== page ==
Based on the results of this study, we propose a general mechanism of Enterococcus resistance, which as shown in Figure 1 involves the expression of different ATPases for the movement of the essential ions. Proton extrusion is carried out by the F0F1 ATPase complex, which is functional at neutral and acidic pH. Sodium ions are pumped outside cells by the V0V1 ATPase complex, which is active at low H+ concentrations. Concerning to the homeostasis of K+, multiple channels and transporters are present in E. faecalis, but the specific physiological roles of each transporter are poorly studied. Diversity analysis of the potassium transporters performed in the Enterococcus species revealed that the channels KtrA/B is the most widely disseminated of the K+ transporters. The two members of the H+/K+ symporter KUP family, Kup and KimA, described here, are widely disseminated in the Enterococcus genera. Taking into account how the ion flux of H+, Na+, and K+ involved in alkaline stress occurs in this microorganism (Figure 1), and the results obtained in this work with respect to the mutant strains in potassium transport, we hypothesize that the KtrAB system is involved in the symport of K+ and Na+, and function together, under alkaline pH growth, with the Na+ ATPase, responsible to expel out the Na+. In addition, we found that Kup could mediate the intracellular import of K+ and H+, which could contribute to not only the homeostasis of potassium, but also to hold protons inside the cells. This participation of the Kup transporter in alkaline conditions is highly relevant, and its contribution could be that this protein can transport K+ ions with H+, thus contributing not only to K+ uptake but also to the acidification of the cytoplasm in extreme alkaline conditions.

5. Conclusion

Enterococcus faecalis is able to resist and grow in different conditions. By using genetic techniques, we conclude that KtrA is required for the functionality of the uptake system in alkaline and high osmolarity, in this condition also Kup increase the resistance to this stress conditions to the concentration of K+. Finally, simple or double mutans in the K+ transporter did not produce significative modification in the virulence of the strains.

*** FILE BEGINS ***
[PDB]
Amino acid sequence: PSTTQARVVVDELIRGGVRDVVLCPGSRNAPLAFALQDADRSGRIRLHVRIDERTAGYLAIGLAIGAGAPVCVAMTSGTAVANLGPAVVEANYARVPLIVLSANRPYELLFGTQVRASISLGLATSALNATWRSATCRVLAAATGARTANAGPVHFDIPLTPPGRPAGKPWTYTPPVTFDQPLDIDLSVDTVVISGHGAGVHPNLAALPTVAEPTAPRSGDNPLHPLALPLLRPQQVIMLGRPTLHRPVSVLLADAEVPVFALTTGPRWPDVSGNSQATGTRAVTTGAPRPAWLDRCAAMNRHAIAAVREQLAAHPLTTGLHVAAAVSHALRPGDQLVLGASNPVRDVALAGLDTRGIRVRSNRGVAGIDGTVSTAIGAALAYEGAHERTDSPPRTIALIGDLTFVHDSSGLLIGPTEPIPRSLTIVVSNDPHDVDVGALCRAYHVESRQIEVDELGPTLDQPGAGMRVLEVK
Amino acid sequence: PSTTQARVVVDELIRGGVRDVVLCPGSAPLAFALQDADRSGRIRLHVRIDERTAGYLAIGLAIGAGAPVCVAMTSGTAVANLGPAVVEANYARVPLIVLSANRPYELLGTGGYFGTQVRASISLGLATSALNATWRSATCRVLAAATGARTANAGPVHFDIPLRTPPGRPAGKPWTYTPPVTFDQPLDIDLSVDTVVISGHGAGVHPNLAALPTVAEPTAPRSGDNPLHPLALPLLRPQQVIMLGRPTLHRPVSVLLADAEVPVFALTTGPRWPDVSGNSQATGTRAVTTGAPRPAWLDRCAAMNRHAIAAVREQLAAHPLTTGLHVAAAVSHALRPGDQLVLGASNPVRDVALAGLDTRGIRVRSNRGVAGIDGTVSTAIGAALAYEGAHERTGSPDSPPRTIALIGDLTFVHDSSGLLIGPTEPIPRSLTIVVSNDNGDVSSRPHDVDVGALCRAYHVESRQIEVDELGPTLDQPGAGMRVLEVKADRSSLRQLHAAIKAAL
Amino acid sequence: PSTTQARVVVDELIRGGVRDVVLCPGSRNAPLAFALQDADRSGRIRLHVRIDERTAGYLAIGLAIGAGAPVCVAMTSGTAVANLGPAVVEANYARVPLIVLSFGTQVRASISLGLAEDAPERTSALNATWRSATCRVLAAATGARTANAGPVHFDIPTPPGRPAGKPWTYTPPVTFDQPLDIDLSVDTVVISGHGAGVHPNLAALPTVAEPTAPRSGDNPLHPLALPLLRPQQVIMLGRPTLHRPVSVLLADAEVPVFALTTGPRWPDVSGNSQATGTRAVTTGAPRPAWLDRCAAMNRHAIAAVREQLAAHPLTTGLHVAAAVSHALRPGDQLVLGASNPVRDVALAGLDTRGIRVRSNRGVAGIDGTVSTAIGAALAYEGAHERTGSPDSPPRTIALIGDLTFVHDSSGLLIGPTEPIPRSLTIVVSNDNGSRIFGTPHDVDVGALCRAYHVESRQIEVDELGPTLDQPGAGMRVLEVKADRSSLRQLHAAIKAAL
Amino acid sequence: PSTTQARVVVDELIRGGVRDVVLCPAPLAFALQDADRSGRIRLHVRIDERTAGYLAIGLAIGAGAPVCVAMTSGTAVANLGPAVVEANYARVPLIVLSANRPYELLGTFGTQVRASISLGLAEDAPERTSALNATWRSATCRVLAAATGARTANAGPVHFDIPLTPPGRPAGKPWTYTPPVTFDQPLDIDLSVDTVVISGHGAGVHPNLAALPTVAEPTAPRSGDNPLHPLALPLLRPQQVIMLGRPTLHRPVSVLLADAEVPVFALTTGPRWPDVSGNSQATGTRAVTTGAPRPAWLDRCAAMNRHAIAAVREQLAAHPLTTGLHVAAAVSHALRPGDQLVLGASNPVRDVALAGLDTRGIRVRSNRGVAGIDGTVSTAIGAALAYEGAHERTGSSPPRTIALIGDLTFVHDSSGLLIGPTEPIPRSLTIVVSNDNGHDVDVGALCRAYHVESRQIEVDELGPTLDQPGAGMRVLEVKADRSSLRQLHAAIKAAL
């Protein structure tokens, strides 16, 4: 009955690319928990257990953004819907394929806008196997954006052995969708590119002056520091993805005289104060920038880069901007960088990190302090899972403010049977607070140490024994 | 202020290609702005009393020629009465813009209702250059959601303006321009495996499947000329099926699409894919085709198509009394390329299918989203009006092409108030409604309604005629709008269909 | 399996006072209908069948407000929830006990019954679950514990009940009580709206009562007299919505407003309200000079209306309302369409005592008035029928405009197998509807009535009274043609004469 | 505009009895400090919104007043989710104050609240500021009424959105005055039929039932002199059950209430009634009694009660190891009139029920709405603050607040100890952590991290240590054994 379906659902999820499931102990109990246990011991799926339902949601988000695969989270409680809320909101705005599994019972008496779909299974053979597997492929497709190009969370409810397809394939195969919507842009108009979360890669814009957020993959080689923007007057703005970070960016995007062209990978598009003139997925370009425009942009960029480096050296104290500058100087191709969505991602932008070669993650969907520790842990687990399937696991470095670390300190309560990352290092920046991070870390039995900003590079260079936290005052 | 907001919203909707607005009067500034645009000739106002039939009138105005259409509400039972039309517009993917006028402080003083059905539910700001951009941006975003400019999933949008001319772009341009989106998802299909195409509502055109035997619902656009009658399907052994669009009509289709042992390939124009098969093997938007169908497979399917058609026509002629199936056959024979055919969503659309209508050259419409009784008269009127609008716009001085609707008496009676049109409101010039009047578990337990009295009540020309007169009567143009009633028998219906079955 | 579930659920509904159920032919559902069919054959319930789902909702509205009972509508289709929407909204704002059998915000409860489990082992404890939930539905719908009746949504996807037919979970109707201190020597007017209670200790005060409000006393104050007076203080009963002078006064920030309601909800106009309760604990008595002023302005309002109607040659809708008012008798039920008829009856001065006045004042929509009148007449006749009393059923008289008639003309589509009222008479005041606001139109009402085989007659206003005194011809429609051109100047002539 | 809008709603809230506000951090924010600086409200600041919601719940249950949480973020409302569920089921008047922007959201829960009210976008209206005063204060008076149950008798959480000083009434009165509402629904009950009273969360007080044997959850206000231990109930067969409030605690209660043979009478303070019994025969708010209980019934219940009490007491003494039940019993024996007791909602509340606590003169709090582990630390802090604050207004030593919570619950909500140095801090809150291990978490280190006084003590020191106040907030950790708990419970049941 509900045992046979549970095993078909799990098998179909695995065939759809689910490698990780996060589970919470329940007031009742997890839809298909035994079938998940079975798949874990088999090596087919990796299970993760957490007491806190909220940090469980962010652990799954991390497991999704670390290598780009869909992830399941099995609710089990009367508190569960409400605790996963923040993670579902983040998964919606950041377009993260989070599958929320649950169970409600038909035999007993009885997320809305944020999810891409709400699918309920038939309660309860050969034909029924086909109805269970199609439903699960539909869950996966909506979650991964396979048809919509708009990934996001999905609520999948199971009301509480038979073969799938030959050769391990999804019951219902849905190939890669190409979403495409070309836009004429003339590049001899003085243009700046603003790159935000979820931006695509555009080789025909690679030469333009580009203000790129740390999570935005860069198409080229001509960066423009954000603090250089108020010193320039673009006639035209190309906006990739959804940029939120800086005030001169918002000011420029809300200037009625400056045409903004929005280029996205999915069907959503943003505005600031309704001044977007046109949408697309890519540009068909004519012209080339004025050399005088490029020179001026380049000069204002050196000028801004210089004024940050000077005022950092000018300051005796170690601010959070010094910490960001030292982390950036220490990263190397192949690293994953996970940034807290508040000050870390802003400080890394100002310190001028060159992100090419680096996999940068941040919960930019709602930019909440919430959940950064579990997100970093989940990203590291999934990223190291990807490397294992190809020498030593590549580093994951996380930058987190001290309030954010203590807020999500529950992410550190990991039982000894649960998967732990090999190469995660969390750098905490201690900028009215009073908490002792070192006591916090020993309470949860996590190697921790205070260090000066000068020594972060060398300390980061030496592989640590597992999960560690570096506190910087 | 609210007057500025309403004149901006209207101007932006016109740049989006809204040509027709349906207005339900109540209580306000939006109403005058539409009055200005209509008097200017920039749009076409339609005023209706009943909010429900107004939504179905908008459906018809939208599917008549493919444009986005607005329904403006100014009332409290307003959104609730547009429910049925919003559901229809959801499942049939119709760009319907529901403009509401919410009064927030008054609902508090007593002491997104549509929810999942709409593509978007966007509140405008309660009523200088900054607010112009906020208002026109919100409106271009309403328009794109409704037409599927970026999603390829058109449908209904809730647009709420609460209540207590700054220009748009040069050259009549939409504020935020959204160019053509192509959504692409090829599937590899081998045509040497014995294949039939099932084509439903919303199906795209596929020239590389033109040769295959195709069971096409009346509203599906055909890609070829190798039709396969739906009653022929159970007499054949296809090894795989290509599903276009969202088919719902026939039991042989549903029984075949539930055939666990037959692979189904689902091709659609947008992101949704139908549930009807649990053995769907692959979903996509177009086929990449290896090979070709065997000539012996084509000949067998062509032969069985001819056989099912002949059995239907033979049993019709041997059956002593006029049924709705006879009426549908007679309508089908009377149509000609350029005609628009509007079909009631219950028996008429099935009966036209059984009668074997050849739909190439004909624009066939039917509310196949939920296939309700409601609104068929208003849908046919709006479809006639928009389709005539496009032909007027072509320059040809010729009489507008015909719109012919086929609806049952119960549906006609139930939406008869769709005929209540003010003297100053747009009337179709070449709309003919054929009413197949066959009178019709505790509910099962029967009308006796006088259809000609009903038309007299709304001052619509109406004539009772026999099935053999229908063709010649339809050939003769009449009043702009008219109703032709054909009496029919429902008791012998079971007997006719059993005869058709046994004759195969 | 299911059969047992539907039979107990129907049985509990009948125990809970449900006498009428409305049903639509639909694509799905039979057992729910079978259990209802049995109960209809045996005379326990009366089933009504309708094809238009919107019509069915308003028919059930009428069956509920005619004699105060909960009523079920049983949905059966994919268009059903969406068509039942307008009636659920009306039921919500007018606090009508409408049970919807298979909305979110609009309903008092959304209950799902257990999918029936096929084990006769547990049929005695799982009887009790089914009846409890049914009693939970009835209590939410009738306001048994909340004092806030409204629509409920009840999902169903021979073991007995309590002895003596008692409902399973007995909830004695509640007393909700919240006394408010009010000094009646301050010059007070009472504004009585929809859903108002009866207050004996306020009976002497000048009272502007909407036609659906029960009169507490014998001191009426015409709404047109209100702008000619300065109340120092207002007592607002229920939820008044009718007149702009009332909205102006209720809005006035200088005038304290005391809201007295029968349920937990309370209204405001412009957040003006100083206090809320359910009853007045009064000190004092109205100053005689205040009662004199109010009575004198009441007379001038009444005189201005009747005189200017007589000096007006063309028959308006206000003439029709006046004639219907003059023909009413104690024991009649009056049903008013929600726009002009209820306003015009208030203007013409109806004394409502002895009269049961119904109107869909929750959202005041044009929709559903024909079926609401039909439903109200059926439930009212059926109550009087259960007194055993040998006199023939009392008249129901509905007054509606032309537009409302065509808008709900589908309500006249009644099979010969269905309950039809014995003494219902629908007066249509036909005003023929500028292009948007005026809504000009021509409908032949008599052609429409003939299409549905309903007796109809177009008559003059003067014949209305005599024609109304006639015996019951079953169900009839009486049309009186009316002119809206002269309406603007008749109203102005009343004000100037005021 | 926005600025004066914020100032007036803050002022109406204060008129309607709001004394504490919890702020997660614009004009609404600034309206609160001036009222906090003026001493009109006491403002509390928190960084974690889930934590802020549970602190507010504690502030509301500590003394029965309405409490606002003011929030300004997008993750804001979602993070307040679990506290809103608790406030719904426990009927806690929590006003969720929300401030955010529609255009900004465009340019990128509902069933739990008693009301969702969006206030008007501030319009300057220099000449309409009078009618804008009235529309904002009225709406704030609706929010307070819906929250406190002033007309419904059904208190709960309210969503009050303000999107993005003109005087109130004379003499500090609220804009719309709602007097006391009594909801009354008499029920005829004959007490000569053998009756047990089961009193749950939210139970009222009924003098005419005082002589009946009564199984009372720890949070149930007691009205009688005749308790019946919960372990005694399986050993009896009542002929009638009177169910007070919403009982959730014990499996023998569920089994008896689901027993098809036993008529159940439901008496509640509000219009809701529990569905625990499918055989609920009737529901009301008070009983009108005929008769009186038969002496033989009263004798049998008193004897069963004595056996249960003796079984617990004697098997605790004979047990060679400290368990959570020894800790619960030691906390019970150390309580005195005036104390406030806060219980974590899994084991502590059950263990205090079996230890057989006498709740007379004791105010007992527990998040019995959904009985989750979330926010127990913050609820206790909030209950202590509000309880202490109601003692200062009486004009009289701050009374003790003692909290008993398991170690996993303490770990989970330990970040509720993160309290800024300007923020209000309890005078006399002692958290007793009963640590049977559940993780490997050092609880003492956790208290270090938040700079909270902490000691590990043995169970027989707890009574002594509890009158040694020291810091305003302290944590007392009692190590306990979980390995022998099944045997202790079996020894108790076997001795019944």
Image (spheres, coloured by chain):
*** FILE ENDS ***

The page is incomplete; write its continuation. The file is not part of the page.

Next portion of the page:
Data availability statement

The original contributions presented in the study are included in the article/Supplementary material, further inquiries can be directed to the corresponding author.

Author contributions

GA done experimental design and performed experiments. FG performed experiments. MT contributed to bioinformatic analysis. ME contributed to experimental design and bioinformatic analysis. VB designed and performed experiments and bioinformatic analysis. JS designed experiments. CM designed experiments and performed bioinformatic analysis. All authors contributed to the article and approved the submitted version.


This work was supported by Ministerio de Ciencia y Tecnologia PICT 2020–3227 (Prest BID) and PIP 11220200101356CO, CONICET.

Conflict of interest

The authors declare that the research was conducted in the absence of any commercial or financial relationships that could be construed as a potential conflict of interest.

Publisher’s note